out animals for hunting, and cooked food.
J. That even Paleolithic people created art
shows that art is important to human life.
One of the largest discoveries of
Paleolithic art, done between 25,000 and
12,000 B.C., is at Lascaux, France.
K. The paintings are in underground
caves. Most of the images are of animals.
Probably these paintings were used in
magical or religious rituals to bring about
a successful hunt.
IV. The Neolithic Revolution
A. Human survival depends on the
systematic growing and storing of food, an
accomplishment of the people of the
B. After the end of the last Ice Age (8000
B.C.), the Neolithic Revolution began.
The word neolithic is Greek for “new
stone.” The revolution was a change from
hunting and gathering to systematic
C. Systematic agriculture means planting crops and
domesticating (taming) animals for food, clothing, and work.
Some historians believe that this agricultural revolution was the
single most important event in human history.
D. The ability to acquire food regularly gave humans greater
control over their environment and made it possible to give up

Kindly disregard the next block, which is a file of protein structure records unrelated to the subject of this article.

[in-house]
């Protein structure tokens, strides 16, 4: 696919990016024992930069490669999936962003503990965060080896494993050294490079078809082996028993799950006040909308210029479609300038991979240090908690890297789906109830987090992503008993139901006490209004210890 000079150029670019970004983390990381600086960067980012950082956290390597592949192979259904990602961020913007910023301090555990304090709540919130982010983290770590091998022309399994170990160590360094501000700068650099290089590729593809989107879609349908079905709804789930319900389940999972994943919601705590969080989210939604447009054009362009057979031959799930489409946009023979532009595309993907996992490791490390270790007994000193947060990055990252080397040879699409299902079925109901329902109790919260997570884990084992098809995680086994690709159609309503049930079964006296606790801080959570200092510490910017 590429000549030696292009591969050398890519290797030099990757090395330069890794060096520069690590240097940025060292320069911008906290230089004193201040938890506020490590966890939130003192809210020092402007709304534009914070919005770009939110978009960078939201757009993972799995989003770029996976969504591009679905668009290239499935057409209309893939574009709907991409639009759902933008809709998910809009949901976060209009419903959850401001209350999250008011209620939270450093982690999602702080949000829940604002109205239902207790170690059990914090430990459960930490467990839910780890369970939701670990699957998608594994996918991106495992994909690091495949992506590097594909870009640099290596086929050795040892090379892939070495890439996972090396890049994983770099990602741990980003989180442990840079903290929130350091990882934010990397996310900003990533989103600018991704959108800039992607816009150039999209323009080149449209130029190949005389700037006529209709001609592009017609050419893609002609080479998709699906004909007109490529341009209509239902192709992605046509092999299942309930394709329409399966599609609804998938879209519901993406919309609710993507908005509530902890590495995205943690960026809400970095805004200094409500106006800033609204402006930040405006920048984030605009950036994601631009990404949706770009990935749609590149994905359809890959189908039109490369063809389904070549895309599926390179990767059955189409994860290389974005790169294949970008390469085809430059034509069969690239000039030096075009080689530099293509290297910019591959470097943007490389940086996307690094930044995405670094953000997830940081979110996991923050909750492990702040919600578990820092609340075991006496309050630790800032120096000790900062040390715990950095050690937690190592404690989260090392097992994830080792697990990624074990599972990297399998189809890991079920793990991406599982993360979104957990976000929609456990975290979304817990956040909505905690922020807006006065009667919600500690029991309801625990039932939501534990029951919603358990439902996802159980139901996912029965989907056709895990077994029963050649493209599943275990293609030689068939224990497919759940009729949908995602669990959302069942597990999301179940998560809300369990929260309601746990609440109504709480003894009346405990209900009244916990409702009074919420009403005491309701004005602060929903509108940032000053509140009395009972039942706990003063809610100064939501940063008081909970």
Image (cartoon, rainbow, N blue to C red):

nomadic ways of life for settling into communities, a step vital for
the development of civilization.
E. Systematic agriculture developed all over the world between
8000 and 5000 B.C. Mesoamericans (inhabitants of present-day
Mexico and Central America), for example, grew beans, squash,
and maize (corn). Systematic agriculture gave rise to permanent
settlements, which historians call Neolithic farming villages. One
was Jericho, in Palestine. The largest was Catal Huyuk, in
F. Archaeologists found 12 products that were grown in
Catal Huyuk and evidence of widespread domestication of
animals. Because of increased food production and storage,
people had more food than they needed. These surpluses
allowed some people to do work other than farming.
Artisans made such things as jewelry and weapons. These
items fostered trade.